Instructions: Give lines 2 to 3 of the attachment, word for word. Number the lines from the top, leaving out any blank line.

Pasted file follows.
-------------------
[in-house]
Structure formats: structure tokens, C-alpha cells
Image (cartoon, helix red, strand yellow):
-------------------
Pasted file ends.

Structure formats: structure tokens, C-alpha cells
Image (cartoon, helix red, strand yellow):